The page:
The next International Association of Hydrological Sciences (IAHS) decade (2023 – 2032) will be dedicated to local solutions under the global water crisis.
IAHS has scientific decades, which set the research agenda worldwide through collaborative forces:
- 2003 – 2012: Predictions in Ungauged Basins (PUB)
- 2013 – 2022: Everything Flows: Change in hydrology and society (Panta Rhei).
- 2023 – 2032: Science for solutions: Hydrology Engaging Local People IN one Global world (HELPING)
The overall aim with a scientific decade is to accumulate knowledge and streamline the efforts so that coherent engagement, sharing, and focus accelerate scientific knowledge and understanding of a specific hydrological problem or phenomena. It stimulates vivid discussions between young and senior scientists globally. After two successful decades, IAHS want to once more boost the community through launching a third decade for collaborative efforts in hydrological sciences.
Please, contribute to the process and share your ideas HERE.
The next IAHS decade will be dedicated to local solutions under the global water crisis. The short name will be HELPING, and stand for Hydrology Engaging Local People IN one Global world.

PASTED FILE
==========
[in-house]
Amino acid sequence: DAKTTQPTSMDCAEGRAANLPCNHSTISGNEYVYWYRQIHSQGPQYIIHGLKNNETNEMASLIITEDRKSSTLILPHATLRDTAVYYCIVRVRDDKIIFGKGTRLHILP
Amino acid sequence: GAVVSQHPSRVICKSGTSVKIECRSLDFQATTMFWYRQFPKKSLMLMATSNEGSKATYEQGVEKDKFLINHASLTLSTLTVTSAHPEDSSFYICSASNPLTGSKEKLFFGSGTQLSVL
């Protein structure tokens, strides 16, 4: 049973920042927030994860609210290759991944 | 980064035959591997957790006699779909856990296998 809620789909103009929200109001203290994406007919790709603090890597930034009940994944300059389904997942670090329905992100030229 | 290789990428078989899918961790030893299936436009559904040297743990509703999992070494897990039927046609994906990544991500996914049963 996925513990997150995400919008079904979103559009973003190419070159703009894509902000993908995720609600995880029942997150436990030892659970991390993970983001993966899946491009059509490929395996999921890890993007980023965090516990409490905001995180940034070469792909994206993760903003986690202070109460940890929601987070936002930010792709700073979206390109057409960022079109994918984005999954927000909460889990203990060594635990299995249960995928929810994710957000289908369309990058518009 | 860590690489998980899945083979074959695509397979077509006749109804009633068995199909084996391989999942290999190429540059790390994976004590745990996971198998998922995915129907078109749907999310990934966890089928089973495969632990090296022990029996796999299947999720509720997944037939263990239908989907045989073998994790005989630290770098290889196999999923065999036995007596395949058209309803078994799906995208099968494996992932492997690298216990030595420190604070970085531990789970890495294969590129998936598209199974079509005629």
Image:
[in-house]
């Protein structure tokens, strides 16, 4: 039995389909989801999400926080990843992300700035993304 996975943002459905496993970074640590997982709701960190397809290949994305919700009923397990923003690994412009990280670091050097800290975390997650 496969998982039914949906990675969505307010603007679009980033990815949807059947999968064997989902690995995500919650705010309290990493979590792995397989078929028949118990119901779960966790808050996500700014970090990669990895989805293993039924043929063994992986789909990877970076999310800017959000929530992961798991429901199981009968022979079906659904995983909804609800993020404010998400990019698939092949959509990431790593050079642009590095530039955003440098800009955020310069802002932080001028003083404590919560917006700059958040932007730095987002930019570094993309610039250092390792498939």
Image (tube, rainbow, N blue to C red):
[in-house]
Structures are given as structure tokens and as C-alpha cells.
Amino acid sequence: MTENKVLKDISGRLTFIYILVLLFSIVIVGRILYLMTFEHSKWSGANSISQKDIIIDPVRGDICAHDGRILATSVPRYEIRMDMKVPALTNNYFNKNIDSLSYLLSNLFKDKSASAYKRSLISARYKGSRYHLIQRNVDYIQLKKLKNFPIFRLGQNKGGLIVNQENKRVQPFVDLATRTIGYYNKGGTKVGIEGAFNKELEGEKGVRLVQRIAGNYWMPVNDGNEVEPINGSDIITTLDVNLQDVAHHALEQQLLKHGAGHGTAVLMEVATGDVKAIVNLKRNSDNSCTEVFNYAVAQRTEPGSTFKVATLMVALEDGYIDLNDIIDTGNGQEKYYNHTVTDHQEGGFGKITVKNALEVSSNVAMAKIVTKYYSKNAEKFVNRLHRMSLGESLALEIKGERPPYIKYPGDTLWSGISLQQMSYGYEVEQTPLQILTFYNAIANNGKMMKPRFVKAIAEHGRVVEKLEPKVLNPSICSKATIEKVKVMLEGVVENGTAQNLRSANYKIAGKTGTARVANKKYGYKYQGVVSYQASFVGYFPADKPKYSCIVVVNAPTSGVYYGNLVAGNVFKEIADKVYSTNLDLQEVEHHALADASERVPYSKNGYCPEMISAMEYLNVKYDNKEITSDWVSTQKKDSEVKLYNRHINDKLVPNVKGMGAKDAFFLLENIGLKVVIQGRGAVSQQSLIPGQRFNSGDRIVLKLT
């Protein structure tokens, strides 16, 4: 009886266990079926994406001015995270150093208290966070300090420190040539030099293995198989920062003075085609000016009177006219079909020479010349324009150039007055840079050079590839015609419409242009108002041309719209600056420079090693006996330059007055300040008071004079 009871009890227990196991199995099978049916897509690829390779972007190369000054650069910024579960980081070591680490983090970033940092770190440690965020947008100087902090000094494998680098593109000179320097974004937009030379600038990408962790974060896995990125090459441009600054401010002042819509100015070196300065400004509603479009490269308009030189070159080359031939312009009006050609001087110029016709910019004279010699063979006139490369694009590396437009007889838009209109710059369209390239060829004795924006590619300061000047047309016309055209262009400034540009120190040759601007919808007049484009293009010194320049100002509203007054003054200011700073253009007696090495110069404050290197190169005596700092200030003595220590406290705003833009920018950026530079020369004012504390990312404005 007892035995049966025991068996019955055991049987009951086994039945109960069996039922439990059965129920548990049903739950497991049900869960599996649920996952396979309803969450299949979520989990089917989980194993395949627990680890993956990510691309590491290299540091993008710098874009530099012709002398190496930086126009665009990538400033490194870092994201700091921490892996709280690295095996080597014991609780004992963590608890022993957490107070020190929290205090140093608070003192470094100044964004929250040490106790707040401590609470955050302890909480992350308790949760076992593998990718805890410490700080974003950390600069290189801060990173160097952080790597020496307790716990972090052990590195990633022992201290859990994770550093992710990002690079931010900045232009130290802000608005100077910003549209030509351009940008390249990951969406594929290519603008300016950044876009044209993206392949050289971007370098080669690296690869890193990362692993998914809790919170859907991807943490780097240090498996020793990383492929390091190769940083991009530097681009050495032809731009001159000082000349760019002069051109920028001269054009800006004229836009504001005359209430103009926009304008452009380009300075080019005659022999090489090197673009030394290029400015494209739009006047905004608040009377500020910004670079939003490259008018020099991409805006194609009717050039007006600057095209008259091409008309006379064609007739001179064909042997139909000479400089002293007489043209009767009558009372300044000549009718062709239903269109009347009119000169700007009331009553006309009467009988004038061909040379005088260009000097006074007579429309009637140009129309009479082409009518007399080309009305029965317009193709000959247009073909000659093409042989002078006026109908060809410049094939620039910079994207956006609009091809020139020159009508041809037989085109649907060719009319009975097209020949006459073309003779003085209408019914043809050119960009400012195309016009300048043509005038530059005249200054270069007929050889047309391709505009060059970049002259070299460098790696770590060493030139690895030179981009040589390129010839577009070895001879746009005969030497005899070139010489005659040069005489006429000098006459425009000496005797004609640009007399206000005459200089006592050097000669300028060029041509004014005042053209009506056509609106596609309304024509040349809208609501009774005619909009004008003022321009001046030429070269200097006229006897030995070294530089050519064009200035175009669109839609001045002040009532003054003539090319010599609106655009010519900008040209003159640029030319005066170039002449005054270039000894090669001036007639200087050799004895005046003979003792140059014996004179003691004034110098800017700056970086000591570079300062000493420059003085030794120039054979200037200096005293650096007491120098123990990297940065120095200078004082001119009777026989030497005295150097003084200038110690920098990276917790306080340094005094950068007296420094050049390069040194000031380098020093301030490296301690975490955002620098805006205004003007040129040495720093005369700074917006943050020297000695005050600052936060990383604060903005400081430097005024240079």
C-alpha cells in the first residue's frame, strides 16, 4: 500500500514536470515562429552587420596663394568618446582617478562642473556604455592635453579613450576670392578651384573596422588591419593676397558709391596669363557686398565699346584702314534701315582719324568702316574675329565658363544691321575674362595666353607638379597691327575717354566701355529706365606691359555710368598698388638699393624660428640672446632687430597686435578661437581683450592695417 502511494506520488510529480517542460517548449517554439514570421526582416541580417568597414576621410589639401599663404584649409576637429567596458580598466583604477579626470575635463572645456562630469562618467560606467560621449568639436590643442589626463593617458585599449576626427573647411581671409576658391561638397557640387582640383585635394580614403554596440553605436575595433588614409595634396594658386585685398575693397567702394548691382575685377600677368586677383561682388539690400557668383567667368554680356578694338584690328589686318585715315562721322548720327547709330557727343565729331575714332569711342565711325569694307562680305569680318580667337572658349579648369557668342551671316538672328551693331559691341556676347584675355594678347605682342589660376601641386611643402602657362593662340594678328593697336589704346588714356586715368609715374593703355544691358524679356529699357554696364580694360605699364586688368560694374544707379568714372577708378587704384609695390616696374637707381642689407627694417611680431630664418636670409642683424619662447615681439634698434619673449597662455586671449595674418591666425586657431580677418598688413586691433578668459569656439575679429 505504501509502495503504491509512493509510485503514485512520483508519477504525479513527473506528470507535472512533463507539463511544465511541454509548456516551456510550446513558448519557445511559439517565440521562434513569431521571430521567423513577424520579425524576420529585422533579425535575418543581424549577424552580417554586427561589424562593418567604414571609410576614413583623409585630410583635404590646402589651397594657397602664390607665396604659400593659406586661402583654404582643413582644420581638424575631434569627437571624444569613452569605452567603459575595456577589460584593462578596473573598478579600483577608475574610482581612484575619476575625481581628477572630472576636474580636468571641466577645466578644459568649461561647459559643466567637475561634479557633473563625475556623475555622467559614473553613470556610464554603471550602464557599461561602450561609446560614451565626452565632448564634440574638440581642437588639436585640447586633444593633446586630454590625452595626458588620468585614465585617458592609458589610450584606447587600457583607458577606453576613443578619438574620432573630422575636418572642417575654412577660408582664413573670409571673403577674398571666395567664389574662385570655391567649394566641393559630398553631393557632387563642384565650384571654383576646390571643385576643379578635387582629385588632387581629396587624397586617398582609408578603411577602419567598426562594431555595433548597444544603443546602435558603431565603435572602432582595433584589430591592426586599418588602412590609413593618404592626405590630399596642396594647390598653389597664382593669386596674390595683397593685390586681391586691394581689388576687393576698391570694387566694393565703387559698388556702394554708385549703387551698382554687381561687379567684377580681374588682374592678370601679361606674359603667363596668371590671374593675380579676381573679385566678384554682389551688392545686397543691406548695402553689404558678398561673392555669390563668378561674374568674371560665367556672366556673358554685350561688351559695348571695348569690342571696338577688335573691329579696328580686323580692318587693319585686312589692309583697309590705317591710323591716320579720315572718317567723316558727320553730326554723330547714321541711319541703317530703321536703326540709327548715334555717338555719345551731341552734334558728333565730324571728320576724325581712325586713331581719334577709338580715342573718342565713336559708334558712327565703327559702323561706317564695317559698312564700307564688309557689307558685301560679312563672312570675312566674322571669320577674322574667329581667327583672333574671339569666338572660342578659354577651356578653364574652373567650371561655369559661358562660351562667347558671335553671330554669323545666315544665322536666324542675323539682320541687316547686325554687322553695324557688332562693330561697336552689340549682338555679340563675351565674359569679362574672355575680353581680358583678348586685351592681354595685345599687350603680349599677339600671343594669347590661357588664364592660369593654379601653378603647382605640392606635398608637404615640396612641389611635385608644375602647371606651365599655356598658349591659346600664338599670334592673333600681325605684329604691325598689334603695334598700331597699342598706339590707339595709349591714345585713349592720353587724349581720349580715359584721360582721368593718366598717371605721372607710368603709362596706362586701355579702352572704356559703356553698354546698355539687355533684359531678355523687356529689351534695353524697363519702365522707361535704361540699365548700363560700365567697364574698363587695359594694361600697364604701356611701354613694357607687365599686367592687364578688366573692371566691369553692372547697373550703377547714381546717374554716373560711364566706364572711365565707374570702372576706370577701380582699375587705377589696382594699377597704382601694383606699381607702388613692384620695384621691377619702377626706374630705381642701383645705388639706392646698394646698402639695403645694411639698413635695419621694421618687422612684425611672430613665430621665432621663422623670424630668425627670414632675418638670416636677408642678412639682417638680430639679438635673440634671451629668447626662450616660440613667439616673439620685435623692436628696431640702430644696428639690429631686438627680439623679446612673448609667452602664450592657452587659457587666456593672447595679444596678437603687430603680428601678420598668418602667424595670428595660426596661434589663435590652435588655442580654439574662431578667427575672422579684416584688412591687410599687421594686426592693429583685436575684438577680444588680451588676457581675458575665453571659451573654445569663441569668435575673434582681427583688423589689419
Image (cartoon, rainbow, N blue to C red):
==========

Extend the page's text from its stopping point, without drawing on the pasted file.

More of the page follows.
Read more in the Concept Note
HELPING will underpin solutions for the water crisis, leaving no catchment or hydrologist behind, in search for scientific evidence to:
- Accelerate the understanding of the linkages between hydrological processes at local and global scales and their interaction with water resources.
- Engage with local scientists and societies to learn from local experience, differences in hydrological processes and change around the world, and transfer solutions globally.
- Synthesising hydrological understanding across the globe and underpin the management of current crises by finding holistic solutions to mitigate future crises.
The decade will be a bottom-up process empowered by local hydrologists and scientists using open science and local data/methods when solving local water problems. We envisage that the building of local knowledge and cooperation can inform scientists working under similar situations or facing unexpected events worldwide (e.g., learning from floods or droughts in one catchment will inform hydrologists and water management in other catchments).
This post was first published by IAHS.